How Art Therapy Works For Disabled Children




Children can take advantage of being in therapy, particularly if they are diagnosed with mental health issues or disabilities. However, most of them are hesitant to go to therapy because they are scared of expressing how they feel in a clinical setting. This is true, especially for young kids who have limited knowledge and those who are unable to speak the language of the country that they are in. Aside from the primary therapy types, kids can also benefit from art to communicate their emotions and their thoughts to the therapists – the adults who are committed to helping them manage and successfully overcome their challenges.

“Art therapy can be effective for most ages or populations. In fact, art is one of my favorite things to bring to family therapy, as it has the ability to level the playing field.”  Melissa J Weaver, LMHC, ATR said. Art therapy is considered a part of psychotherapy where patients make use of their creativity through different materials to relieve themselves of stress, anxiety, or other mental health conditions. The therapist guides the child into interpreting the meaning of the images presented to them. The therapist and the child patient then discuss why and how the patient came up with the image or the work of art that he was able to create. Whether it is used by kids battling depression or just for the fun of it, art can be a source of therapy or outlet for the disabled.

How Art Therapy Helps Kids

People, specifically children, have a broad imagination and are innately creative, which is why it is easier for them to draw or sketch images rather than to answer questions face to face. Art working is a safe activity that allows children to handle difficult issues creatively. “Art therapy supports personal and relational treatment goals for clients. It can improve the cognitive and sensory-motor functions, foster self-esteem, and self-awareness, and reduce and resolve conflicts and distress.” Susan Clifton, MSW, LCSW explains. Therapists talk to their children patients and ask them about the drawings they have made while slowly walking them through how to interpret their art. This is how the therapists strive to get to the main problem. The list below enumerates some of the issues that art therapy can help children with.


  • Childhood trauma like mental, physical, and sexual abuse
  • Learning disabilities
  • Death of a loved one
  • Difficulty dealing with life-threatening diseases like cancer
  • Behavioral patterns
  • Cognitive disabilities

Apart from these, art therapy kids develop healthy coping skills, relieve stress, and increase self-awareness. All children with all types of conditions can benefit from art therapy.

How It Works

The whole process is dependent mostly on the therapist, the kid’s age, and the condition or the issue treated. Generally, the art therapists give the kids materials that are appropriate for their age, and then they are given the freedom to work on their own. Usually, the therapist also tells the kids what time to start and end. When the artwork is finished, he then asks the child about the different areas of the artwork so that he can understand what the artwork is all about the child’s thoughts and feelings. Consequently, he uses the child’s answers to provide an appropriate treatment plan that will help the child move forward towards recovery. “As a client retells his or her traumatic experience, art materials are offered to stretch elements of the narrative: whether through visual representation of a thought or feeling during the event, or a direct image of event itself.” Marni Rosen, Psy.D. said.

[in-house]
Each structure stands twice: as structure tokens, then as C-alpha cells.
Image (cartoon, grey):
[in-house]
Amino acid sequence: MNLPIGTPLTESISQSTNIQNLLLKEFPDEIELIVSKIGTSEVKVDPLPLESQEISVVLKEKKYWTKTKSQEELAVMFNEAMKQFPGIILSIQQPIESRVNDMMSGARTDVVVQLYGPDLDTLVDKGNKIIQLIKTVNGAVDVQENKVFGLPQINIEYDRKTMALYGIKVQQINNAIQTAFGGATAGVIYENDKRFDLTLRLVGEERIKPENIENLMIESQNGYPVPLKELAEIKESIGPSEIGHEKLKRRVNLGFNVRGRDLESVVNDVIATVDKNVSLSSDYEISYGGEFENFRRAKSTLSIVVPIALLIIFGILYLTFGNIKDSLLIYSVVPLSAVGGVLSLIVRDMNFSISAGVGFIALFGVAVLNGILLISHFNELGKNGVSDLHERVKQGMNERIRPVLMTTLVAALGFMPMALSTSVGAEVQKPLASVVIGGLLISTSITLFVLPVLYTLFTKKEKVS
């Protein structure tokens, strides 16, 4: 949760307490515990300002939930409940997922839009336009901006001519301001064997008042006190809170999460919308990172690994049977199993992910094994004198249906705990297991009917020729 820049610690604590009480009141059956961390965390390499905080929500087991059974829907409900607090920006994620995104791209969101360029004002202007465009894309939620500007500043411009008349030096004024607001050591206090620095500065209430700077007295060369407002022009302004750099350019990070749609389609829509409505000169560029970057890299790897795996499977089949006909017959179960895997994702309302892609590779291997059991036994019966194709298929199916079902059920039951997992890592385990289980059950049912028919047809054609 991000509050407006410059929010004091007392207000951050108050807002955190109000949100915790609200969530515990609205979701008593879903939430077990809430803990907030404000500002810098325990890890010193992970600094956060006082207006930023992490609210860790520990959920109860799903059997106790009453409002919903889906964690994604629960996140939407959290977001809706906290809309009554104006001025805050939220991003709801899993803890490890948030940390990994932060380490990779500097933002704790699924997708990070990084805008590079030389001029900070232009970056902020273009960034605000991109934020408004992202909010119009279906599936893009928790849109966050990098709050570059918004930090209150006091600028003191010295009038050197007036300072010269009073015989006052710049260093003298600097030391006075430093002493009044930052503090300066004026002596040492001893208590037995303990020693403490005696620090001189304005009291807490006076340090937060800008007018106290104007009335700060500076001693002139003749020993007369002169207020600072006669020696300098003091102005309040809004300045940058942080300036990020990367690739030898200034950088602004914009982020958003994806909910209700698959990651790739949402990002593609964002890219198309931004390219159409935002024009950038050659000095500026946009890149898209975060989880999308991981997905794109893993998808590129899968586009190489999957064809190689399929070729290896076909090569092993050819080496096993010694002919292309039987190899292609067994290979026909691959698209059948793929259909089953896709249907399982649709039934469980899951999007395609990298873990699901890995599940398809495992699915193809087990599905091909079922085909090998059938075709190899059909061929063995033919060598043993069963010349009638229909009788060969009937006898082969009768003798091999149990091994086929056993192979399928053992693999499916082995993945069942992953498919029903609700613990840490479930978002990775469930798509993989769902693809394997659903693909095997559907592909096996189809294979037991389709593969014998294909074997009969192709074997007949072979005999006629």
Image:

For a lot of children, art therapy does help them a great deal. But it is vital to note that each child is unique and may not respond in the same manner to each of their treatment plans. Some children express themselves fully in their artwork, while others need a little more push or a little more patience before they get comfortable enough to open up.

The key to an effective treatment plan is trust. Thus, it is crucial that parents or guardians find the right art therapist that can communicate effectively with their child. Choose someone who has had a wider scope of experience and knowledge in treating children with similar problems that your child has. You can ask friends and other family members if they may have options. You can also inquire from your other mental health professionals, as they are among the most qualified to recommend the right therapist for you and your kid.

You can set your first appointment with the art therapist earlier so that you and your child can get a better perspective of who your therapist is and how capable she works. You are encouraged to ask questions regarding your therapist’s credentials and educational background. Remember always to make sure he has sufficient credentials to treat your child.

Qualifying As An Art Therapist

In any country, there is almost always a need for certified mental health professionals who have the heart to work with kids. But getting into the mental health field is indeed not easy. You must first obtain a master’s degree specifically in Art Therapy through a licensed program from a respectable school, which can be acquired either by finishing a degree in counseling or psychology then a postgraduate license in art therapy. The second way is to enroll in an Art Therapy master’s degree program.


Art therapy can be truly enriching both for the therapist and the children being treated. Both do have to be patient and committed to achieving success.




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